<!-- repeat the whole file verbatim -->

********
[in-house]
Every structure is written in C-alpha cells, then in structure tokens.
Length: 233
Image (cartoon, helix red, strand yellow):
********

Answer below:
[in-house]
Every structure is written in C-alpha cells, then in structure tokens.
Length: 233
Image (cartoon, helix red, strand yellow):